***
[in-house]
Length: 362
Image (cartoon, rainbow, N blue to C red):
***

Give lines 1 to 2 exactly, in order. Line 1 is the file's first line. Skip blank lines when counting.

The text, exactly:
[in-house]
Length: 362